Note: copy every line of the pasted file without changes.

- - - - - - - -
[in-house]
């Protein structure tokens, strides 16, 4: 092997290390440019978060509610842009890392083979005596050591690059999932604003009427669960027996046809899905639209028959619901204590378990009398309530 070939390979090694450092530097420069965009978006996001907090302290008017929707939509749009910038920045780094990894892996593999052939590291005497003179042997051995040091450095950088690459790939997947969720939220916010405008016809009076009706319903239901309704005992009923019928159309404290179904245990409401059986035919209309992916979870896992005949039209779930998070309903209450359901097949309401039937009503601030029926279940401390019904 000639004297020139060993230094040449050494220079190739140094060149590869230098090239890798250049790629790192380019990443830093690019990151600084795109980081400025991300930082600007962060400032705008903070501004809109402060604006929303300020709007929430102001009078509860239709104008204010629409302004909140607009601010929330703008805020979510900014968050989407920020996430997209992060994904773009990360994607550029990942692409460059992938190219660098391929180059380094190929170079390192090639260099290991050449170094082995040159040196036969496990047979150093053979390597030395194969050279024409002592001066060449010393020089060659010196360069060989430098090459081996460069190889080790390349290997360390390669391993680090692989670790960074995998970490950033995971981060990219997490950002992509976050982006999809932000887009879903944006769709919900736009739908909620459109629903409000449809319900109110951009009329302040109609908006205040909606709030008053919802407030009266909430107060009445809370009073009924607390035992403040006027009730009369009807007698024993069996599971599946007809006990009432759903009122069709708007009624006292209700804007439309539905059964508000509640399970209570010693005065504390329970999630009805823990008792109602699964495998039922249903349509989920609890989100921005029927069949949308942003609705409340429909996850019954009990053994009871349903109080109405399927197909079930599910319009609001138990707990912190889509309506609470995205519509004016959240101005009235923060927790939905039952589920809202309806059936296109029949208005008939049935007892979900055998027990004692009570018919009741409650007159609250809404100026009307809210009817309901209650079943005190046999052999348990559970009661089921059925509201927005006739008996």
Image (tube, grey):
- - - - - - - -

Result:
[in-house]
């Protein structure tokens, strides 16, 4: 092997290390440019978060509610842009890392083979005596050591690059999932604003009427669960027996046809899905639209028959619901204590378990009398309530 070939390979090694450092530097420069965009978006996001907090302290008017929707939509749009910038920045780094990894892996593999052939590291005497003179042997051995040091450095950088690459790939997947969720939220916010405008016809009076009706319903239901309704005992009923019928159309404290179904245990409401059986035919209309992916979870896992005949039209779930998070309903209450359901097949309401039937009503601030029926279940401390019904 000639004297020139060993230094040449050494220079190739140094060149590869230098090239890798250049790629790192380019990443830093690019990151600084795109980081400025991300930082600007962060400032705008903070501004809109402060604006929303300020709007929430102001009078509860239709104008204010629409302004909140607009601010929330703008805020979510900014968050989407920020996430997209992060994904773009990360994607550029990942692409460059992938190219660098391929180059380094190929170079390192090639260099290991050449170094082995040159040196036969496990047979150093053979390597030395194969050279024409002592001066060449010393020089060659010196360069060989430098090459081996460069190889080790390349290997360390390669391993680090692989670790960074995998970490950033995971981060990219997490950002992509976050982006999809932000887009879903944006769709919900736009739908909620459109629903409000449809319900109110951009009329302040109609908006205040909606709030008053919802407030009266909430107060009445809370009073009924607390035992403040006027009730009369009807007698024993069996599971599946007809006990009432759903009122069709708007009624006292209700804007439309539905059964508000509640399970209570010693005065504390329970999630009805823990008792109602699964495998039922249903349509989920609890989100921005029927069949949308942003609705409340429909996850019954009990053994009871349903109080109405399927197909079930599910319009609001138990707990912190889509309506609470995205519509004016959240101005009235923060927790939905039952589920809202309806059936296109029949208005008939049935007892979900055998027990004692009570018919009741409650007159609250809404100026009307809210009817309901209650079943005190046999052999348990559970009661089921059925509201927005006739008996």
Image (tube, grey):